308 JAVA: THE GARDEN OF THE EAST
in that section of Middle Java, the station platforms were crowded with native sight-seers. Native officials and their trains of attendants, Mohammedan women with gorgeous head-gear and the thinnest pretenses of veils, stolid planters with obsequious, groveling servants, and plantersa wives, barefooted, wrapped in scant sarongs, and as often wearing red velvet jackets and other traveling toilets of eccentric combination, the costume of the tropics and a Northern winter at the same timea processions of these entertained us not a little as they went their way to the other compartments of the long train.
After the scorching hours spent running through swamp and jungle, we drew near the mountains; life became more bearable, and we beckoned our Moslem at the next stopping-place.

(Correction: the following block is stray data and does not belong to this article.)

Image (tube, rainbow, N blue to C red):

a Bring the sandwiches; they are not in this basket.a He looked blankness, as if a little vaguer and more becalmed in mind than usual. a The sandwiches that you made at the Tjilatjap hotel this morning,a I explained slowly. a Where are they?a
a Oh, I eat thema jusa now,a said the soft-voiced one, naively, his hand unconsciously traveling to the digestive region and comfortably stroking it.
Language was useless at such a crisis, and sadly, silently, I resigned myself to the rest of the ten hoursa empty ride. An hour later we reached Tjiawi, near which the finest pineapples of the island are grown; and we bought them on the platform, great fragrant, luscious globes of delight, regardless of the almost prayerful requests made to us on arrival, that we would not touch a pineapple in Java. We did a